Skip to main content. There's a problem loading this menu right now. Learn more about Amazon Prime.
Collins, who had begun her career in young adult fiction, was between contracts. It has already sold more than 35, hardback copies — andwhen eBooks are included — making it the biggest-selling fiction hardback of the year so far, an achievement driven largely by the support of booksellers and word-of-mouth recommendations. Collins is not alone in thinking this way.
Happy Friday, friends! School is fast approaching and, as we ramp into a new season, I thought perhaps we could talk about a practice I've adopted in recent years. Maybe, if the fit is right, you might look at implementing it as well.
She knew if she stayed in her abusive relationship, she would end up back on drugs, or worse, dead. Thankfully, her story has a happy ending. A year later I was pregnant.
As a follow up to C. Team has created this new companion workbook specifically for the teens themselves, featuring personal, heartfelt stories written by teen and young adult adoptees who graciously shared their feelings about their own adoption journeys. Filled with engaging exercises, journaling pages and thought-provoking activities, this workbook offers teen adoptees, their parents and the clinicians who support them a valuable resource.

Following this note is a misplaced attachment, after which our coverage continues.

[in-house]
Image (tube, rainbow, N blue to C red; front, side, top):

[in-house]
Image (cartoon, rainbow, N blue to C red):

A few of the imposters played their sick games online, but most of them went incognito as teens right under the noses of other adults. The stories collected here are a chilling selection of tragedies that sadly play out again and again across the Western world. Take a look at these adults who could pass as a teen and what they did with their unsettlingly young looks.
It is hard to watch a loved on struggling with addiction, especially when you feel powerless to help. We have provided a list of resources below that will empower you to help your loved ones. This will allow you to better understand what they are going through on their recovery journey.
That was what it was like to be Amanda Garbatini, now She survived them all. Feeling out of place was also a problem for cancer survivor and Yale University student Lauren Telesz, 21, of Fairfield.
Random House Children's Books hide caption. A few years ago I did an author visit at an overcrowded junior high school in a rougher part of San Antonio. I write young adult novels that feature working-class, "multicultural" characters, so I'm frequently invited to speak at urban schools like this. As is often the case, the principal and I talked as the kids filed into the auditorium.